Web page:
Whoa, an entire weekend of bad decisions to contend with! Yet as always, it was a great time.
First mistake I made was picking up an entry for Iceman. A bunch of teammates had entries they weren't using, so I figured "what the heck....". Nothing like inserting my poorly prepared self in the midst of 4000 other idiots.
My other dumb idea was spawned by too much beer following last weekend's not seventh place finish in the local CX series. As I mentioned before, a bunch of us were going to try Eh this weekend.
So yes, that's 28 miles of fast paced, single speed MTB racing, followed by Eh class CX craziness and lots of driving along with maybe a little sleep in between. It's almost like I have some kind of deep seated issues with my impending 33rd birthday. I may not be over the hill, but I'm clearly running out of momentum and it's time to start cranking.
Iceman is sort of famed for having somewhat adverse conditions being in early November in the northern LP, but this rendition continued a multi-year trend of "Nicemen". Although temperatures were brisk in the morning, clear skies and sun warmed things up quick and it was shorts and short-sleeve weather in no time.
Given the 4000 racers at this event, the organizers start all the different classes in waves, separated by 5 minutes. There's no real qualification standard for what wave you sign up for, so you get all kinds of sandbagging- including those entering a harder class for a better start position. Plus you've got people who just choose poorly and the regular spread of talent across a class to contend with. This makes the start safe and sane, but puts a lot of slower riders out on the course in front of faster riders.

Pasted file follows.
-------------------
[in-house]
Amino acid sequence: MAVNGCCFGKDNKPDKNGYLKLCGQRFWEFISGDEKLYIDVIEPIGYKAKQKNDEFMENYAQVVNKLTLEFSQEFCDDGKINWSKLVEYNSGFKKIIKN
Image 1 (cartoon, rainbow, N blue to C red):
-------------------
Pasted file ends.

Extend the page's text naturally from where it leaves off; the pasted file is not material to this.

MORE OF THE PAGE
Thankfully, I choose to run singlespeed, so I didn't have to figure out if I was an "expert" or "sport" or whatever. Under 39? Check! One gear? Check! OK, pal- yer' in! Unfortunately, they stuck as right behind the Sport/Expert Clydes. Granted, a lot of those guys can really rip, but some of them- not so much. We'd be running up behind them soon.
The start went like all my single speed starts. Spinning for dear life and watching those willing to brave the bigger gears pull away from me. That's OK, I never start all that well- being forced to get into my rhythm by lower gearing helps me out in the long run. Once we got onto the dirt though, it was on. I've never, ever, ever had to do so much passing. First up was all the single speeders who burned it down too much at the start, next up was the clydesdales, and then it wasn't long before I was picking of expert riders from the earlier waves.
The wave start really spread things out a bunch, and I never really ran up against any serious log jams. I could just keep on the gas an keep on passing. The one thing that the wave start really hurts though, is the ability to pack up and work together. The midpack single speeders pretty much broke into shambles right from the get go, and most of the people I caught were going much slower than me. I'd pick up a wheelsucker every now and then, and do my own share of drafting, but as soon as I recovered, I'd be back to passing people again. This is great motivation to keep hammering and it really felt like I was just flying through the course.